Cindy Vallar, Editor & Reviewer
P. O. Box 425, Keller, TX 76244-0425
The Pirate Known as La Buse
Olivier Le Vasseur
By Cindy Vallar
Sometime around 1680, a son was born to Paul Le Vasseur, a French corsair, according to Denis Piat, author of Pirates and Privateers in Mauritius. Named Olivier, the boy grew up without his mother, who had died giving birth to him, but his father taught him the art of navigation.1 The next time he surfaced in historical records he was in the West Indies, perhaps as early as 1714.
Some accounts say Olivier Le Vasseur sailed in consort with both Benjamin Hornigold and Samuel Bellamy, but others say he joined forces with Bellamy only after Hornigold’s crew voted him out as captain. Jeremiah Higgins, the boatswain aboard Paulsgrave Williams’ Mary Anne, testified on 22 January 1717, that after parting company with Hornigold, they sailed
about from place to place [and] met with another Pyrate sloop called the Postillion off Cape Mayos one Capt. La Boos Commander with whom they consorted and cruized about and Between St. Thomas and Porta Rico they mett with a french ship of about forty guns whom the said Two Sloops Attackett for the space of about an houre and was at last forc’d to quitt her they haveing One Man Kill'd also the Examinent and three more of their men wounded in the Engagement.2 (Whydah, 154)John Brown contradicted this timeline in his deposition, given in Boston, Massachusetts on 6 May 1717, where he was awaiting trial on a charge of piracy.3 Initially he was a captive, before he signed the articles and joined Bellamy.
About a Year ago he belonged to a Ship Commanded by Capt. Kingston, which in her Voyage with Logwood to Holland was taken to the Leeward of the Havana by two Piratical Sloops, one Commanded by Hornygold and the other by a Frenchman called Labous, each having 70 Men on Board. The Pirates kept the Ship about 8 or 10 Days and then having taken out of her what they thought proper delivered her back to some of the Men, who belonged to her. Labous kept the Examinate on board his Sloop about 4 Months, the English Sloop under Hornygolds command keeping company with them all that time. (Trials, 2:317)At this time Hornigold was in command of the Benjamin and Le Vasseur was captain of the Postillion (8 guns). They met up in March 1716, at which time they counted 140 men between their two pirate vessels. They would sail in consort until August of that year. Their first prize together was a merchantman, which was smuggling goods ashore at Mariel, Cuba when she was taken. The pirates plundered her for a week before setting sail after spotting a flotilla of vessels heading toward them. Those vessels were under the command of Henry Jennings, but he and Hornigold never got along well.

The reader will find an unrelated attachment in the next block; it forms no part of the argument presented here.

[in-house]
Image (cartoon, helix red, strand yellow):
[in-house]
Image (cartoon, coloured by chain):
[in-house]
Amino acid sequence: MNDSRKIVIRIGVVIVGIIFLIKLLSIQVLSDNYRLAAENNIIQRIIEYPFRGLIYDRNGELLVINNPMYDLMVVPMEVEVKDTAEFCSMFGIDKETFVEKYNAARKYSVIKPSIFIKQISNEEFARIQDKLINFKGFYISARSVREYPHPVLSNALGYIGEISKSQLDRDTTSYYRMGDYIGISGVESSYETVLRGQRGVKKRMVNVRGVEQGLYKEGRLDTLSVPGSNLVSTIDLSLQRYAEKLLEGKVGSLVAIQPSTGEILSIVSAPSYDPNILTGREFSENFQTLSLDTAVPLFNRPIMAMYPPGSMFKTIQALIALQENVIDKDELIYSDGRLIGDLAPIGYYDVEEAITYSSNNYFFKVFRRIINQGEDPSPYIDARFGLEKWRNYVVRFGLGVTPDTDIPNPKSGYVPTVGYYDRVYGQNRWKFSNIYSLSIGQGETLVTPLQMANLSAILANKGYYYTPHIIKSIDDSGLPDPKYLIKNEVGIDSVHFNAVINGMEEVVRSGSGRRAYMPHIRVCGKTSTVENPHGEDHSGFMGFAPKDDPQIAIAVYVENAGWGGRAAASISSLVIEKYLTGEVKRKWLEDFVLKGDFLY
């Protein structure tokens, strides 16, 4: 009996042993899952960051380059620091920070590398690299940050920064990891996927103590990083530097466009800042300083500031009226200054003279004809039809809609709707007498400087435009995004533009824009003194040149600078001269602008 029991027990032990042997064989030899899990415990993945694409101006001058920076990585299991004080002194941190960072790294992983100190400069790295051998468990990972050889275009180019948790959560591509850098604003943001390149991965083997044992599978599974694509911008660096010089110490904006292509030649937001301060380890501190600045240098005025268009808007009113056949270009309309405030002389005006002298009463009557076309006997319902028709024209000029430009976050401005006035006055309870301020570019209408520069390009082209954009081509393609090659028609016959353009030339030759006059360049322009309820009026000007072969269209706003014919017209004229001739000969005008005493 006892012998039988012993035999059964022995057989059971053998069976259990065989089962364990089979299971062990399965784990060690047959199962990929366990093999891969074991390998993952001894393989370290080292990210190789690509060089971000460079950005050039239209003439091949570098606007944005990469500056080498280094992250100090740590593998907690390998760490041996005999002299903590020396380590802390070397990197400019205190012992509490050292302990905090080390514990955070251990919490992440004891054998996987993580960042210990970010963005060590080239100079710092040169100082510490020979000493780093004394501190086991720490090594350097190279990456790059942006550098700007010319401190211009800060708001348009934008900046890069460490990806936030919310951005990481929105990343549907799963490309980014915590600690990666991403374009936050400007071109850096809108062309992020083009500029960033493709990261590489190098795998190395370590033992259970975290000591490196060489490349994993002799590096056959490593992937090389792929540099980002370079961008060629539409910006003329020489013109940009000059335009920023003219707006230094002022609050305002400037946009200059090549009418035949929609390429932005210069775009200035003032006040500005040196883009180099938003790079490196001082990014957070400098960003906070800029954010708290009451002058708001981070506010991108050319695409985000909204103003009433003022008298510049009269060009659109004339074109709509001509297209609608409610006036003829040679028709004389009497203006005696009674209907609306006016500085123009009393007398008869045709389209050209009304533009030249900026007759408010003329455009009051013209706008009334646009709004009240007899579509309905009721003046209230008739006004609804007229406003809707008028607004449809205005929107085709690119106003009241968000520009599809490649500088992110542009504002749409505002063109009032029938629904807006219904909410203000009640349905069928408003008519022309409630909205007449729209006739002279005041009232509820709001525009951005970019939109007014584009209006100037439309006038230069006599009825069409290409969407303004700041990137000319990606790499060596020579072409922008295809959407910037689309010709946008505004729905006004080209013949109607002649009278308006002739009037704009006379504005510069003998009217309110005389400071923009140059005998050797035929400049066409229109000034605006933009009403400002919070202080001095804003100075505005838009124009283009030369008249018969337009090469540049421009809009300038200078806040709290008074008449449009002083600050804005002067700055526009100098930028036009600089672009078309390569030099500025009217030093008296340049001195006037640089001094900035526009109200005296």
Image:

Le Vasseur and Hornigold next encountered two Spanish brigantines near Cape Corrientes, Cuba, laden with cacao from Maracaibo. The pirates held the ships for ransom, but the Spaniards were unable to raise the necessary funds. After setting the captive crews ashore, the pirates burned both vessels.
They continued to prowl the Cuban coast and came upon several English sloops, which had already discharged their cargo, at Isla de los Pinos. Although they lacked any treasure, the pirates utilized them to careen their own ships before allowing the captured crews to sail off in their sloops. Thereafter, Le Vasseur returned to St. Domingue in late May, 1716.
In October and November of that year, Le Vasseur again sailed in consort with Sam Bellamy near the Virgin Islands. On the morning of 9 November, they sighted a British sloop. Le Vasseur hoisted his flag, “a death’s head and bones across,” to the top of the mast. (Woodard, 147) They captured the sloop and one of the new recruits who joined Sam Bellamy was a young lad named . The next day, they captured Sultana, which became Bellamy’s ship, after which the pirates sailed for La Blanquilla, located 100 miles from Venezuela, where they spent Christmas and New Year’s and converted the merchant Sultana into a pirate ship. At this point Le Vasseur and his men decided to part ways with Bellamy.
After 30 April 1717, Le Vasseur was in Nassau with a new vessel of 250 tons and twenty guns. His purpose was to garner 150 new hands, before heading north to New England, to reconnect with Sam Bellamy and perhaps venture into the waters around Nova Scotia and Newfoundland. What he didn’t realize at the time was that Bellamy was already dead, having gone down with the Whydah during a storm off Cape Cod.
In late November, Governor Walter Hamilton of the Leeward Islands was touring the Virgin Islands aboard the twenty-two gun HM Frigate Seaford, commanded by Captain Jonathan Rose. Another vessel “of about 26 guns and 250 men” was spotted near St. Thomas. Flying on her mast was a “white ensign with a figure of a dead man spread on it.” (Woodard, 221) Rose identified her as Le Vasseur’s ship, so they gave chase, but were unable to catch the pirates.
June 1718 found Le Vasseur anchored off La Blanquilla plundering a sloop. On the twelfth of that month, Captain Francis Hume and HMS Scarborough surprised the pirates, but Le Vasseur and many of his men escaped on the sloop. With the Caribbean becoming less safe for pirates, they headed for Africa where they met up with Edward England, Paulsgrave Williams, and other pirate friends from the Bahamas.